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Does explicit template instantiation go in cpp or header file?

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3 Answers 3

up vote 7 down vote accepted

I've always done it in a cpp file. In a header, it would violate the one definition rule, at least (in the usual case) when the header was included in more than one cpp file.

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What if you are declaring a class member? –  Jonathan Wood May 3 '11 at 2:23

Either one.

If you are declaring a specific instance, you might declare it in your cpp file. However, if you are declaring a class member or something that will be referenced from multiple cpp files, that would go in your header file.

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A downvote with no explanation? About as lame as it gets folks. –  Jonathan Wood May 3 '11 at 2:22
3  
Maybe because it's wrong? The OP asked about explicit instantiations, not declarations or typedefs. –  ildjarn May 3 '11 at 2:25
    
Not typedefs, no. But where is the explicit instantiation of a template that is declared as a class member? –  Jonathan Wood May 3 '11 at 2:36
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@Jonathan Wood : The declaration would go in the header, as per usual, but the explicit instantiation would go in a source file just as with any non-template class or function definitions. I don't see what you're getting at... –  ildjarn May 3 '11 at 3:26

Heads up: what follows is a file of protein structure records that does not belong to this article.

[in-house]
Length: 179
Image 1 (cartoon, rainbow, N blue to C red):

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@Jonathan Wood : Class members that are (member) function templates can be explicitly instantiated. Classes cannot be inline and thus are subject to the ODR, as is my point; again, what is your point? –  ildjarn May 3 '11 at 4:11

Assuming by "explicit template instantiation" you mean something like

template class Foo<int>; // explicit type instantiation
// or
template void Foo<int>(); // explicit function instantiation

then these must go in source files as they considered definitions and are consequently subject to the ODR.

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Good answer, but to get a bit picky: certain template definitions which should be put in header files are still technically definitions. (And the "other" section of the ODR, about all definitions having identical content and meaning, applies to them.) –  aschepler May 3 '11 at 2:28
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@aschepler : But, explicit template instantiations are no longer templates and are not subject to the same rules as templates; rather, they are subject to the same rules as normal class or function definitions, which (excepting inline for functions) are always subject to the ODR. –  ildjarn May 3 '11 at 2:31

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